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My name is Dumas A. Harshaw, Jr., Ph.D.,
founder and executive director of
I have been in the pastoral ministry and a professor of theology for more than 30 years, serving churches and seminaries in California, Pennsylvania, and North Carolina. My passion is to grow as a prayer warrior and to encourage others to experience the power of prayer in their lives, vocations and ministries. If you’d like to know more about me, click here.
There is a time for everything … a time to be silent and a time to speak.
A Time To Speak
For thirty long years, the African American woman worked faithfully for a large global ministry. Yet when she sought to talk with co-workers about racial injustice, she was met with silence. Finally, however, in the spring of 2020 – as open discussions about racism expanded around the world – her ministry friends “started having some open dialogue.” With mixed feelings and pain, she was grateful discussions began, but wondered why it took her colleagues so long to speak up.
Silence can be a virtue in some situations. As King Solomon wrote in the book of Ecclesiastes, “There is a time for everything, and a season for every activity under the heavens … a time to be silent and a time to speak” (Ecclesiastes 3:1,7)
Silence in the face of bigotry and injustice, however, only enables harm and hurt. Lutheran pastor Martin Niemoeller (jailed in Nazi Germany for speaking out) confessed that in a poem he penned after war. “First they came for the Communists,” he wrote, “but I didn’t speak up because I wasn’t a Communist.” He added, “Then they came for” the Jews, the Catholics, and others, “but I didn’t speak up.” Finally, “they came for me – and by that time there was no one left to speak up.”
It takes courage – and love – to speak up against injustice. Seeking God’s help, however, we recognize the time to speak is now.
Why is it important not to be silent during discussions about racial injustice and other forms of injustice? What hinders your willingness to engage in dialogue about addressing racial harm?
Dear God, release my tongues and heart from the enemy’s grip. Equip me to see and feel the harm of racial injustice so that I may speak up for those hurt by this sin.
Our Daily Bread
Call To Action Dumas Alexander Harshaw, Jr.
“If my people who are called by my name will humble themselves and pray and seek my face and turn from their wicked ways, then I will hear from heaven and will forgive their sin and heal their land.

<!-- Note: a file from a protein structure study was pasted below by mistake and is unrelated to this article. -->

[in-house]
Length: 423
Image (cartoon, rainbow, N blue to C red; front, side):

2 Chronicles 7:14
Today America is at a crossroads, the question is, will we be a united nation with diversity, reflecting the “Beloved Community”, where everyone is valued, or we will be a broken, divided, resentful, and exclusive nation standing at the threshold of a “civil war”, in which case there will be no wholesome survivors.
As an Apostle of prayer and encouragement, sent and divinely prepared for such a time as this, I propose for people of faith and goodwill, to engage in a life of serious prayer and reflection. This is a time for dedicated spiritual warriors and anointed intercessors to heed the call of God in 2 Chronicles 7:14. This kind of spiritual warfare is intentional and entails significant action in doing good and performing the works of righteousness. This might be called pragmatic spirituality, engaged contemplation or simply following the example of Jesus Christ. We need people who are armed with the armor of God to take a stand for what is right. The contemplative life is more than simply praying about the challenges of our times, the life of contemplation is focus on prayer that ends in involvement with the world around for the cause of Christ.
The second aspect of my proposal is the commitment to take the role of an encourager. This is over and against negativity, hopelessness, despair, defamation of character or even the conditions that surround us. It means to speak with words of faith, affirmation, peace, positivity, uplift. It does however include speaking the truth in love and standing on principles, values and ethical standards that may confront the status quo.
These are not easy times that we live in, but they are critical times filled with the promise of victory, fulfillment, breakthrough and transformation.
Will you join me and see what the end will be?
“Nor by might, nor by power, but by my Spirit says the Lord of hosts.”
Dumas Alexander Harshaw, Jr.
Apostle of Prayer and Encouragement